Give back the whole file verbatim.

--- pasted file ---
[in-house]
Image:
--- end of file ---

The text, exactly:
[in-house]
Image: